Tax push to turn taxi cabs green
5 Jul 2019
The government is to introduce tax incentives for taxi drivers and companies to buy zero-emission capable vehicles, in a bid to drive greater uptake of cleaner technologies
5 Jul 2019
New legislation will exempt zero-emission capable taxis from higher rate vehicle excise duty. The move is designed to push forward the government’s ambition for net zero emissions by 2050 by reducing costs for taxi drivers and companies who purchase zero-emission capable taxis over conventional petrol or diesel models.
Michael Ellis, roads minister, said: ‘Taxis are an iconic feature of our streets and by introducing financial incentives for the most environmentally friendly taxis and improving air quality in city centres, we are proudly putting our money where our mouth is.’
The legislation is one of a number of government measures to encourage the uptake of zero-emission vehicles, including providing some £20m to 27 local authorities to install over 900 dedicated electric taxi chargepoints. The government continues to offer up to £7,500 off the price of zero-emission capable taxis through a £50m grant.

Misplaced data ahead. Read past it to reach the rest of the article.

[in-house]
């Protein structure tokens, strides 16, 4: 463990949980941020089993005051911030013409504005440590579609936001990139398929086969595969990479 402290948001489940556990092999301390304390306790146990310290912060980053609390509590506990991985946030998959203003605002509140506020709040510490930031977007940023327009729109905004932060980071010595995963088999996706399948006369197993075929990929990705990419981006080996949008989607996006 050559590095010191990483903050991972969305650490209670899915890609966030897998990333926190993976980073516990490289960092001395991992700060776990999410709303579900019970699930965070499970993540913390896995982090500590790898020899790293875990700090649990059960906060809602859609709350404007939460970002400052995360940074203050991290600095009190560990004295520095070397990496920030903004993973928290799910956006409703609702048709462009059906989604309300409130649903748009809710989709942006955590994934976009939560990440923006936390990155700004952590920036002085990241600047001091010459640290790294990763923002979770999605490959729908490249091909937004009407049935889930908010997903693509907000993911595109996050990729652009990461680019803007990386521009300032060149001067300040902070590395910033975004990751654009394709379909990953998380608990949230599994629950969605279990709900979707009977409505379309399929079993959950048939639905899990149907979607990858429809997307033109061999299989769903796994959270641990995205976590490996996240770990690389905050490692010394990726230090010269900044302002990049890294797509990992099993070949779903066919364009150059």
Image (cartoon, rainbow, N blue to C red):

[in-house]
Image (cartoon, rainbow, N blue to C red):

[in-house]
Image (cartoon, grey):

Brendan O’Toole, managing director of British electric taxi supplier Dynamo Motor Company, said: ‘We welcome the government’s decision to exempt electric taxis from higher vehicle excise duty. This move will make it easier and more beneficial for drivers and fleet owners to go green and drive electric vehicles.
‘To support this, we will be launching the world’s first fully electric, wheelchair accessible taxi in the autumn, which will not only be a greener choice for drivers, but a more cost-effective one too.’
The government has also announced that the first ultra-low emission heavy goods vehicles (HGVs) are now eligible for the plug-in van grant. The British made Paneltex Z75 7.5 tonne truck and the BD Auto e-Ducato 4.25 tonne van are now eligible for the grant. The first 200 eligible HGVs will benefit from a higher grant rate of up to £20,000 per vehicle.
Nick Gardner, tax partner at law firm Ashurst, said: ‘The exemption for zero-emission taxis from higher vehicle excise duty should provide a small step towards increasing the uptake of zero emission taxis. However, the government needs to develop a consistent long-term strategy to achieve its ambition for net zero emissions in 2050.
‘The withdrawal of grants for plug in hybrid vehicles announced in October last year and the consequent reduction in sales figures recently announced for the half year to June 2019 is a demonstration of this. Environmental tax policies and incentives need to be consistent and long term, not just a short term headline grabbing measure.’